Still reading and sure I am using terms incorrectly - my understanding of wiring has been pretty basic, so still trying to understand it all, but it seems you are all advocating bonding all the systems together (and that is currently how my boat is set up and it looks like this was done from the start), but there are many arguing against this approach. Also, I will need to install more GFI's ... at current they are only in the galley!

Again thanks for replies and hopefully all is well in my boat and no one has inadvertently tied something hot where it shouldn't be!

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Old 08-05-2016, 09:12 PM   #9
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Quote:
Originally Posted by AlaskaDreaming View Post
Also, I will need to install more GFI's ... at current they are only in the galley!
Note: It is common to have one GFCI outlet for each AC recepticle circuit...other outlets are fed from and protected by the one (first) GFCI recepticle if wired correctly... not necessary for every recepticle to be GFCI.
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Old 08-06-2016, 05:56 AM   #10
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Grounding neutral

The attached is straight from a Northern Lights installation manual. Until recently it was commonly missed. Since you have no ground (green wire) you will need to install one and ground the neutral at the generator. Doing this without grounding your entire AC electrical system requires that your AC power source selector breaks both the hot and neutral legs. The green ground circuit should not be broken anywhere.

An explanation I give regarding the whole grounding issue is think of your boat like it is a refrigerator. When you grab a refrigerator handle while standing in your bare feet you count on its grounding to protect you from a shock. The metals in your boat need to be grounded for the same reason. If you are crawling around your engine space leaning on an underwater fitting and touch some other metal part shorted to the AC side of your system you could be shocked or worse (using shore power source).

I suggest going through the entire installation manual for your generator and making sure it is connected properly electrically, doesn't have a scoop on its inlet and is installed with a vented loop if needed. The issues you have pointed out indicate a certain lack of expertise by the installer indicating a complete review is in order.

Quote:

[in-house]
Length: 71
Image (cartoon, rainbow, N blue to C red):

Originally Posted by AlaskaDreaming View Post
Thank you all for your info - BGlad I appreciate the wiring schematic. I am doing my best to get up to speed, but there are lots of systems on this boat! So I am reading Nigel Calder's Boatowners Mechanical and Electrical Manual and trying to understand the boat bonding aspects. It sounds as if you all agree to tie the boat bonding to a common ground bus (the 'DC negative bus connecting to the AC grounding bus, and the generator also connecting to that. When purchased the generator had no 'green' wire connected - they had just run the white/black (neutral/hot) to the distribution panel. I know that in some European boats and some wood boat builder types argue that current leaks in the water at the dock can migrate and be distributed via the bonding system in that boat, and believe that isolating the metals is better versus tying the boats bonding into the grounding bus. My boat does not have a galvanic isolator, so I will be installing one of those as soon as it comes in.

Still reading and sure I am using terms incorrectly - my understanding of wiring has been pretty basic, so still trying to understand it all, but it seems you are all advocating bonding all the systems together (and that is currently how my boat is set up and it looks like this was done from the start), but there are many arguing against this approach. Also, I will need to install more GFI's ... at current they are only in the galley!

Again thanks for replies and hopefully all is well in my boat and no one has inadvertently tied something hot where it shouldn't be!

Attached Files
File Type: pdf Northern Lights grounding instructions.pdf (93.2 KB, 17 views)
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Old 08-06-2016, 06:32 PM   #11
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Thanks again BGlad ... yes- it is interesting. My manual is the original and it did not show the green ground (actually tied to the neutral post). I have been working with an electrician who I think is good (and costly!) and he was able to pull up the new manual which showed the green ... so I ran the wire and let the electrician come and hook it up. He also noticed something weird in my breaker panel, where the neutral for several big shorepower draws (water heater, etc...) was coming through the inverter switch neutral. He was quite upset about this and worried as he thought it was original wiring, though as we talked about it - we realized that in 1982 it is unlikely there was an inverter on board, so then he was less concerned about the 'original wiring' being a bit off and figured whoever installed the inverter caused the issue. We got all that cleaned up and I checked thruhulls and other common rail areas and found only one thruhull was not properly tied in. I think I got concerned when the other shipwright working on the boat to install a vacuflush got very concerned about finding 'ground' (accidentally) on a thruhull. He was very very clear that the ship isn't tied into this system, he comes from a wooden boat background and certainly there are some controversies as to whether to tie it in or not that I have found 'online'. That is why I was trying to find out what was done originally on these boats. The current electrician is correct according to what everyone is saying here, though the other shipwright is still saying that I risk running 120 into my thruhulls should someone make a wiring error and 'sinking' the boat.

I will look for the 'plumbing' on the generator ... I don't recall seeing an antisiphon loop on that - clearly there for the Lehman, but I am finding several 'problematic' installations of things (connecting wires with marrats and some very 'strange' connections using telephone wire!).

Anyway, with the help of the electrician I will soon get a galvanic isolator installed as well and bring this boat up with current specs. Learning a lot fast! and appreciate all the info coming my way!